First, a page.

Not since the Sagebrush Rebellion in 1979 has the debate over whether it’s time for federal lands to fall to states’ control gained such attention, and the anti-federal-government sentiment and talking points aren’t likely to dissipate as the West heads toward the next presidential election.

The fight stirred in 2012 when the Utah legislature passed the Transfer of Public Lands Act to demand authority over millions of acres of federal land by last New Year’s Eve. It didn’t happen.

Eight states cumulatively considered 30 bills around the issue this year. In March, Republicans in the U.S. Senate passed, without a single Democratic vote, a symbolic resolution in support of transferring or trading land to states. The resolution, though, doesn’t give Congress or any federal agency additional power to make deals.

And in the last Colorado legislative session there were three bills around the subject. Only one passed. House Bill 1225, a bipartisan bill supported by environmental groups, strengthens communities’ position in saying how local federal lands are managed.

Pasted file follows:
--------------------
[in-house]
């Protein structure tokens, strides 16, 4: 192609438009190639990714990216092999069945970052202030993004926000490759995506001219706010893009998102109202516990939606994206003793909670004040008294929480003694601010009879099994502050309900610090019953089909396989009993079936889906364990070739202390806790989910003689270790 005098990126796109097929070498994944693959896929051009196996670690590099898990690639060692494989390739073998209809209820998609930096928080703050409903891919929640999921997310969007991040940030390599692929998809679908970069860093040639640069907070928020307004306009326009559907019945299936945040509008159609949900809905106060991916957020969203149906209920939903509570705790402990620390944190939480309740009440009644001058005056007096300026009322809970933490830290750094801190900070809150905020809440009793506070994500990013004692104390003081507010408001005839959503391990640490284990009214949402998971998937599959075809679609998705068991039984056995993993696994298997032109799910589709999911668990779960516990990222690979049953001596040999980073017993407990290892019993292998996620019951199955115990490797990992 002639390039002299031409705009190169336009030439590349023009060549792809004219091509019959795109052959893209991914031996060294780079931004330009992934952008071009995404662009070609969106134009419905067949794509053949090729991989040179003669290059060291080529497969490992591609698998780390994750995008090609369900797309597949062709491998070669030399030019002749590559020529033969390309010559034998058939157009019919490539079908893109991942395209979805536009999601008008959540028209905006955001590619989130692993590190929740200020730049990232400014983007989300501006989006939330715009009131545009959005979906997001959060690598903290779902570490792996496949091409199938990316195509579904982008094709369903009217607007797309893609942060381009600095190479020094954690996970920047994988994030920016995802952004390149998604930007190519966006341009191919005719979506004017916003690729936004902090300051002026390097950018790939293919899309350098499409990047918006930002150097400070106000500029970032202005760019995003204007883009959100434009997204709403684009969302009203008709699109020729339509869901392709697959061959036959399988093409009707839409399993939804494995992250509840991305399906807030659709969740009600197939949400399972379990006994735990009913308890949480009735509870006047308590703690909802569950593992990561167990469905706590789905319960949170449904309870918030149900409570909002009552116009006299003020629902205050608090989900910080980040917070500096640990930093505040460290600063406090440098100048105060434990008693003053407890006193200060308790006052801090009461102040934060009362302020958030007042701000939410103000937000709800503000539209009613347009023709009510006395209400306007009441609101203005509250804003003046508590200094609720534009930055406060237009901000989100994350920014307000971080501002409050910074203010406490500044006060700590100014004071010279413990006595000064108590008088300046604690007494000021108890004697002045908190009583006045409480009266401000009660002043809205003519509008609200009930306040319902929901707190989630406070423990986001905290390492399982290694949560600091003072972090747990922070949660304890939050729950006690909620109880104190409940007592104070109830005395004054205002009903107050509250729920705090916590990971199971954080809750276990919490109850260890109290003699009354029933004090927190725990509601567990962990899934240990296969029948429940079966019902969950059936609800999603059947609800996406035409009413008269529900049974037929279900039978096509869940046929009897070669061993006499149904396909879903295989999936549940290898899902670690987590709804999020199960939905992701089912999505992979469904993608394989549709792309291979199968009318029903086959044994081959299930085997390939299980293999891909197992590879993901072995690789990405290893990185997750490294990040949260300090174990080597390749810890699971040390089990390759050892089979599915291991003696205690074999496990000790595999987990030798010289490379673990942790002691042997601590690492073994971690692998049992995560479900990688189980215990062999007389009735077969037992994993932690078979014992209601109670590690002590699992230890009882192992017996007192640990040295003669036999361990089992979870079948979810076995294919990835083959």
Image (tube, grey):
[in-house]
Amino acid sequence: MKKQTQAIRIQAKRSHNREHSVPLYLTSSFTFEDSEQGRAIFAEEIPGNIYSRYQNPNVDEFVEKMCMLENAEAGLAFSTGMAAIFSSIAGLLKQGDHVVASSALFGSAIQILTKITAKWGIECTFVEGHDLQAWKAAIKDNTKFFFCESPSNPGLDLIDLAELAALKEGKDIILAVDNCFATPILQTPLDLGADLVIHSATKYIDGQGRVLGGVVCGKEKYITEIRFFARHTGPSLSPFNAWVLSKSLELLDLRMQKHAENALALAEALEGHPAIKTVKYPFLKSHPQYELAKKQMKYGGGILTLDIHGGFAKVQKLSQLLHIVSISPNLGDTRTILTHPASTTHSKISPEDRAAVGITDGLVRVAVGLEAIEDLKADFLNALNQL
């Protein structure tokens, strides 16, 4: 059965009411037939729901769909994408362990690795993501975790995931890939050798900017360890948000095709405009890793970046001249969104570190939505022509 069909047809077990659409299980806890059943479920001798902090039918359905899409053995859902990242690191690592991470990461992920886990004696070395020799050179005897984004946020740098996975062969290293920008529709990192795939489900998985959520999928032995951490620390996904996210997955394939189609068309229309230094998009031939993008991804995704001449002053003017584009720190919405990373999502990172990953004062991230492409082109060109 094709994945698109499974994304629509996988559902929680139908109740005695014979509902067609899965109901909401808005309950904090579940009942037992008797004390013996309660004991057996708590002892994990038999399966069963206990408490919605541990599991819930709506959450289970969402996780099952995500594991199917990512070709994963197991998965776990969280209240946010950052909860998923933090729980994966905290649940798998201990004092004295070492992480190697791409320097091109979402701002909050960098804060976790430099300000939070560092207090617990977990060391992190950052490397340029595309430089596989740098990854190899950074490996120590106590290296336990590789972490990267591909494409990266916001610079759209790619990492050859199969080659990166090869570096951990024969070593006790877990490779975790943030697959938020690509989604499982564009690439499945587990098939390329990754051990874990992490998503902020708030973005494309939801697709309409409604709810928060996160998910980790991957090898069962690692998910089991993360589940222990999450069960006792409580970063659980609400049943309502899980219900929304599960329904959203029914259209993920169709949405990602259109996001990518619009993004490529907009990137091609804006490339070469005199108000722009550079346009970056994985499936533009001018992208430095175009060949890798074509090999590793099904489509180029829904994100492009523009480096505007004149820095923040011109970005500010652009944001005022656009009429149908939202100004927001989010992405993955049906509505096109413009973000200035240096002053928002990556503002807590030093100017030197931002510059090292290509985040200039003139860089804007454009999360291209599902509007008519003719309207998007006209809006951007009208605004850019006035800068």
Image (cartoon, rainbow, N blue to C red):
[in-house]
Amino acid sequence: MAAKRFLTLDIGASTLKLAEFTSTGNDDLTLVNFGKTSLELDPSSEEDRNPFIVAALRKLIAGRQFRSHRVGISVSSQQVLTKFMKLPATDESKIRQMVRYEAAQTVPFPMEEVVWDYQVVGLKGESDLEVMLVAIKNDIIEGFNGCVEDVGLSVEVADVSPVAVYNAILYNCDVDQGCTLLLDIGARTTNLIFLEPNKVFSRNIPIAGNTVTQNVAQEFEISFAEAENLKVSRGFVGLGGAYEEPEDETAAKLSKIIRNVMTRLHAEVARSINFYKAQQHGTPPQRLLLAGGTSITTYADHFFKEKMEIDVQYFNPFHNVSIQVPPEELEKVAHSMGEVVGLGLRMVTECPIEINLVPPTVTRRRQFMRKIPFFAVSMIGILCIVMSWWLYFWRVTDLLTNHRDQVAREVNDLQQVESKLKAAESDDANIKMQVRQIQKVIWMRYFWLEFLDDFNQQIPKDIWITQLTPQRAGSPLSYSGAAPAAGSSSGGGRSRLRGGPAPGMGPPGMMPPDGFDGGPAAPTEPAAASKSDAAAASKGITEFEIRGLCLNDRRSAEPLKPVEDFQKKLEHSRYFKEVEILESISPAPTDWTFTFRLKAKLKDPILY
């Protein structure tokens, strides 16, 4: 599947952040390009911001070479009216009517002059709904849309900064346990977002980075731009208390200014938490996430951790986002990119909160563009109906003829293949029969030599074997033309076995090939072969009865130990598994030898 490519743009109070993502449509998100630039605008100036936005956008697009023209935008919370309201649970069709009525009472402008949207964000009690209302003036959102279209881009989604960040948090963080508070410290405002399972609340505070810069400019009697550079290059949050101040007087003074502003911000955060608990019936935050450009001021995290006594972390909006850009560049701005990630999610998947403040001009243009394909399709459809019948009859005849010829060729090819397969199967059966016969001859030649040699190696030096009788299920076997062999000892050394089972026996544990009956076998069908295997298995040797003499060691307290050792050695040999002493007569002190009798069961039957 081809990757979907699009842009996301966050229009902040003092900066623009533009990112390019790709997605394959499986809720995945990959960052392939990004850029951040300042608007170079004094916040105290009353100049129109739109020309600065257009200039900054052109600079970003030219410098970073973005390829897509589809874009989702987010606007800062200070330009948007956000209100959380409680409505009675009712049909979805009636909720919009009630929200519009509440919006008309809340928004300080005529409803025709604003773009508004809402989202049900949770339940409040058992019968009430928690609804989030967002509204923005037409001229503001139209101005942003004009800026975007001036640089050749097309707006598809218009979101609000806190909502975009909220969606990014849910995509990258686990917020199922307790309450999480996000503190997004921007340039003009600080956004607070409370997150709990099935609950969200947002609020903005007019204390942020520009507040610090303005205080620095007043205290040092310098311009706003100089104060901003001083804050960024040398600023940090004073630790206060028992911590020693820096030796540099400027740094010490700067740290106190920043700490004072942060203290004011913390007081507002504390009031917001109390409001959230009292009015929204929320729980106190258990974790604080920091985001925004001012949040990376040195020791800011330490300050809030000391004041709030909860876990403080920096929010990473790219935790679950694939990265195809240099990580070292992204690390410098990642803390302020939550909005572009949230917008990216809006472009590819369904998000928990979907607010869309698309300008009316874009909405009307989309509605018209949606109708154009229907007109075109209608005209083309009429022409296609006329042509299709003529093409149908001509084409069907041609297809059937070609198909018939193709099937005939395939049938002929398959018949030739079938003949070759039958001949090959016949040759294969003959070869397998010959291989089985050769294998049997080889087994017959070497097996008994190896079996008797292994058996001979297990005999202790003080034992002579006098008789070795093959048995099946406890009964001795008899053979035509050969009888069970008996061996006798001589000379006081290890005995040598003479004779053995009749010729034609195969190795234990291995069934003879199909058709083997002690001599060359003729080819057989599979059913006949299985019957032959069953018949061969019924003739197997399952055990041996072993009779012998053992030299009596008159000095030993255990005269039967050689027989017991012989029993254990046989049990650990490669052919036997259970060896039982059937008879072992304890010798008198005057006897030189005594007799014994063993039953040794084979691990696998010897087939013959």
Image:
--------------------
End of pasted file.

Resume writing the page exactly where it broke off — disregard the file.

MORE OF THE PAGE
Opponents of devolving control of public lands to the states cite the enormous costs of maintaining them, arguing states are not prepared to shoulder the added burden of hundreds of millions of dollars in annual upkeep.

For example, a single wildfire could cripple Colorado, said Governor John Hickenlooper’s advisor:

The federal government also picks up the costs for wildfires on federal lands. But just one massive wildfire in Colorado — a state that can have several in one year — could obliterate the state budget, said John Swartout, a Republican who is Hickenlooper’s top policy adviser on land, wildlife and conservation issues.

“The solution is constructive engagement,” Swartout said. “Are we always going to be happy with all the decisions? No. But we’re going to get a lot farther helping create the final solution.”